Colin Jacobson

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I still have nightmares about Bambi's mother ... :blink:
I found that part of Bambi more tear-jerking than traumatizing - or at least I do as an adult. I'm not sure I ever saw "Bambi" as a kid - probably, given the 7-year-rerelease pattern that meant it was back in 1975 when I was 8, but I don't remember it.

"Pinocchio", on the other hand, still spooks me now! Good God, that Lampwick scene is disturbing!
 
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TravisR

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What I don't get is all the people here who claim it'd still qualify as an "R" right now!
The only way that I'd see Psycho as deserving of an R rating is if movies were rated as to the age range that might be interested in a particular picture. A 13 year old that has been watching modern day horror movies isn't going to watch Psycho whether it's rated G or NC-17 so its rating is nearly irrelevant.
 

B-ROLL

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The only way that I'd see Psycho as deserving of an R rating is if movies were rated as to the age range that might be interested in a particular picture. A 13 year old that has been watching modern day horror movies isn't going to watch Psycho whether it's rated G or NC-17.
Psycho particularly has a reputation for being extremely intense. So long as they don't advsertise it's not in color an R rating could bring the pre-teens in. I remember so of the kids in my 6th Grade class going to the see "The Exorcist" by paying for um an inebriate's admission to the theater (along with their admissions) to get in :cool:.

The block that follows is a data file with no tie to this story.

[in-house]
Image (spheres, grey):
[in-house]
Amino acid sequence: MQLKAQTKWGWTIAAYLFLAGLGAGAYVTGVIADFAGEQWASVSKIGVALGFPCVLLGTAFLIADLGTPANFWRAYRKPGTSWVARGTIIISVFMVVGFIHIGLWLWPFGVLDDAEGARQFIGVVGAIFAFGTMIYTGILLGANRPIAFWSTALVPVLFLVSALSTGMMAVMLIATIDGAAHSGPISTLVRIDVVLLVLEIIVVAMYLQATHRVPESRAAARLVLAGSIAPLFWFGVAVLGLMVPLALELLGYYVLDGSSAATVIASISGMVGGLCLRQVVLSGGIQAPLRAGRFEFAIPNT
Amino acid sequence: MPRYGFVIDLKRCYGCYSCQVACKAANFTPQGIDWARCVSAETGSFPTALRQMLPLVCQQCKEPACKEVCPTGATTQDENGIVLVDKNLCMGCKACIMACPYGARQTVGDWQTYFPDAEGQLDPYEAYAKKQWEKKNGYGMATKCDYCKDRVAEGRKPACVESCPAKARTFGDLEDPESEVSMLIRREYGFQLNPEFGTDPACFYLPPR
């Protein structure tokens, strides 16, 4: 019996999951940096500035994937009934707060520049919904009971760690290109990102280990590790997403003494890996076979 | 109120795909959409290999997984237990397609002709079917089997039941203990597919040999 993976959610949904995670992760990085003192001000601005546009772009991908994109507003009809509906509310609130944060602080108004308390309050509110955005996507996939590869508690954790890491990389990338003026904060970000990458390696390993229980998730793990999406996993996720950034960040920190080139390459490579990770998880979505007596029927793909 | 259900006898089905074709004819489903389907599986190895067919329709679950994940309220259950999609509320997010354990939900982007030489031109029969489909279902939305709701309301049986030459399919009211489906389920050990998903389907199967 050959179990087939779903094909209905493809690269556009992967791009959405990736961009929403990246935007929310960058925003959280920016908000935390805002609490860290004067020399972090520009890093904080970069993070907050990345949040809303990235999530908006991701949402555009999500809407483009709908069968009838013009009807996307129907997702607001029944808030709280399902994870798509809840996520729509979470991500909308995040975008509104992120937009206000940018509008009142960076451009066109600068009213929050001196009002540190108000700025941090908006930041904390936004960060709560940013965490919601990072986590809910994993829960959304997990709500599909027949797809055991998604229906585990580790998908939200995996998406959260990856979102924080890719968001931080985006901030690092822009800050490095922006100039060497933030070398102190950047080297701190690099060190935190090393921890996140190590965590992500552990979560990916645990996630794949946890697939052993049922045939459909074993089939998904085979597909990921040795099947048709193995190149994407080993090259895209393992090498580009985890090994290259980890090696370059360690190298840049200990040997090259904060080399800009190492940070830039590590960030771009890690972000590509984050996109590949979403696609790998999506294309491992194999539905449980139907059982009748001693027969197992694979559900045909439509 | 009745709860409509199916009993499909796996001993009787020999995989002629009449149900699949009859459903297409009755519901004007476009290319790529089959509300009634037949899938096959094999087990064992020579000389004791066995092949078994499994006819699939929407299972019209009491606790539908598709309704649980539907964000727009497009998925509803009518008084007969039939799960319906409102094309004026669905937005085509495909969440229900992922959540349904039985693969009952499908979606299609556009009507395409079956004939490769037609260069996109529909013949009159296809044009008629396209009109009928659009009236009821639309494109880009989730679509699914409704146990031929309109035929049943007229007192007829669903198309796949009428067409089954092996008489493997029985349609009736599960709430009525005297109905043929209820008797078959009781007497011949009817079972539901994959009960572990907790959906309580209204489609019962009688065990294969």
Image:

Malcolm R

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The two Conjuring films were rated "R" based largely on terror and scares, while there's little if any actual graphic violence, gore, nudity/sex, or language in either film. The producers expected the first film to be PG-13, but when it was rated R decided just to go with it. The sequel is arguably more deserving of the R, as the opening reenactment of the DeFeo murders at the Amityville house is rather graphic, as is Lorraine Warren's vision of Ed's death.
 

Colin Jacobson

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The two Conjuring films were rated "R" based largely on terror and scares, while there's little if any actual graphic violence, gore, nudity/sex, or language in either film. The producers expected the first film to be PG-13, but when it was rated R decided just to go with it. The sequel is arguably more deserving of the R, as the opening reenactment of the DeFeo murders at the Amityville house is rather graphic, as is Lorraine Warren's vision of Ed's death.
No one claims the MPAA is consistent with their ratings! :D
 

KMR

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This is total speculation, but Psycho got its "R" rating in 1984, the same year "PG-13" was created. Not sure which one came first in the year, but there was a lot of discussion around that time about the level of violence in "PG" films, so maybe they erred on the side of caution, so-to-speak (it had gotten an "M" in the late 60s).

Still, despite what you see or don't see, the visceral impact of the shower scene is still pretty strong, so at that particular time, it might have seemed a little much for a PG.